DGX Gears Deluxe Gas Blending and Transfill Kit with Digital Gauge

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The accuracy and precision of the digital gauge included with our premium quality transfill hose makes this system suitable for gas blending of Nitrox, Heliox and Trimix diving gases as well as transfilling.

DGX Gears Deluxe Gas Blending and Transfill Kit with Digital Gauge

Deluxe Gas Blending and Transfill Kit
Deluxe Gas Blending and Transfill Kit Includes Digital Gauge Detail of Quick Release Gas Fittings

The accuracy and precision of the digital gauge included with our premium quality transfill hose makes this system suitable for gas blending of Nitrox, Heliox and Trimix diving gases as well as transfilling. It includes a quick connect system that makes it easy to reconfigure, providing the ability to blend or transfill from a variety of sources. The high pressure { 96 in | 2.4 m } Swagelok® breathing gas hose is long enough to reach even the tallest supply cylinders and has a check valve to prevent back flow.

The inlet end of the hose quick connects to any of the three common US adapters included in the package: a CGA-580 helium/argon, a CGA-540 oxygen, plus a DIN 477 (aka G 5/8" BSP) thread form connector suitable for use with 200 Bar and 300 Bar DIN SCUBA fittings. The outlet end of the hose includes a line valve, a digital electronic pressure gauge that is user configurable for psi or bar display, and a DIN scuba fitting with bleed valve standard DIN fittings that connect to both 200 Bar and 300 Bar standard scuba cylinder valves. Add one or two optional DIN-to-Yoke adapters to transfill recreational sport scuba cylinders with yoke A-clamp valves (aka 'K-valves', formally described by the GGA-850 standard).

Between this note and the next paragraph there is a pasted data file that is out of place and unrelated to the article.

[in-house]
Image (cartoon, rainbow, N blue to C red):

If in the future you decide to purchase our Haskel Mini Sport Booster MSB-9000, then this kit can easily be reconfigured to support the booster with the ADDON for MSB-9000 kit.

Some customer reviews confuse the issue of a needle valve vs the line valve actually included in the product. The DGX Deluxe Gas Blending and Transfill Kit with Digital Gauge was designed by Mark at Dive Gear Express and all the components were carefully selected by him; Mark is IANTD certified Gas Blending Instructor Trainer. He says that the valve included is a high quality line valve perfectly matched to this application for accurate blending.

More Information
Brand DGX Gears
Weight 8.000000
Tek Tip Warning Image WARNING

Oxygen-related fires and explosions can result in serious injury or death. According to our suppliers, these products are compatible with oxygen and factory cleaned for use with oxygen. Nonetheless, the 'clean state' of this equipment applies only prior to initial use. Thereafter, periodic inspection and cleaning are a necessity.

Never breathe unblended pure inert gases such as helium or argon that do not contain oxygen, as even a few breaths can cause sudden loss of consciousness without warning. Pure inert gases are sold in compressed gas storage cylinders with a special CGA-580 valve designated for use ONLY with inert gases; never use ordinary diving cylinders with SCUBA valves to store unblended pure inert gas.